Can Libya’s new interim government break the impasse?

Libya’s new Government of National Unity (GNU) faces big administrative hurdles and a limited mandate.

Expert comment Updated 7 July 2021 Published 16 February 2021 3 minute READ

Hala Bugaighis

Co-founder, Jusoor Center for Studies and Development, Libya

On 5 February, the UN-assembled Libyan Political Dialogue Forum (LPDF) appointed a new interim government. Intended to see the country through until elections scheduled for 24 December 2021, the appointment of the Government of National Unity (GNU) ostensibly breaks the political deadlock of the past five years. But what can the GNU achieve? And how should the international community respond?

A limited mandate and low expectations

February 2021 conjures images of the same period in 2016, when the unity government produced by UN-mediated talks, the Government of National Accord (GNA), was unable to overcome the institutional divides that had emerged in 2014.  And now, five years later, it appears that the speaker of the House of Representatives’ eastern faction, Agila Saleh, is setting conditions for the recognition of the GNU that are highly unlikely to be met. 

Like the GNA before it, the GNU has a very limited mandate. Firstly, it was appointed by a total of only 39 votes. Secondly, the candidates selected to head the GNU, Prime Minister Abdul Hamid Dabaiba and the president of the presidential council, Mohamed Mnefi, appear to have been chosen in order to prevent the selection of the current interior minister, Fathi Bashagha, and Agila Saleh. This reflects the fact that the process itself was geared towards a power sharing formula rather than based on the development of a policy platform or political reconciliation. 

The coalition of forces that pushed Dabaiba and Mnefi over the line at the LPDF includes uneasy bedfellows from across the political spectrum.  For spoilers of the political process, such as Khalifa Haftar, whose forces had sought to topple the GNA through an assault on Tripoli, the existence of another weak government may be a good outcome.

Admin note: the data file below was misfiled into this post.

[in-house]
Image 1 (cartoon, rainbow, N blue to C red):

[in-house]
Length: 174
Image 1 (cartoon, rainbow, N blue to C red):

Big ambitions

At the LPDF, Dabaiba spoke about solving the major problems that have burdened Libya. He pledged to end the electricity supply crisis, to provide significant support to development projects, to enhance public services and create more job opportunities. He also expressed a strong commitment to holding the elections on time and to focus financial resources on national reconciliation.

This was hardly the platform of a government that will be in power for a supposed maximum of nine months.

On the security side, Dabaiba vowed to support the outcomes of the 5+5 Libyan Joint Military Commission and announced a plan to establish security zones within the governorates, with the help of financial support from the government. The GNU has also announced a programme to help integrate young people from armed groups into the workforce.

Overall, this was hardly the platform of a government that will be in power for a supposed maximum of nine months.

What should the goals of the GNU be?

If the GNU is ratified, it should narrow its focus to a three-pronged strategy of facilitating the reunification of state institutions, improving service delivery and readying the country for elections.

When it comes to reunifying institutions, the actions of the House of Representatives are key. The current eastern-based interim government has said it will only dissolve itself once the House of Representatives recognizes the GNU. International pressure should be sustained to ensure that such a recognition is forthcoming in order to prevent a repeat of the GNA experience.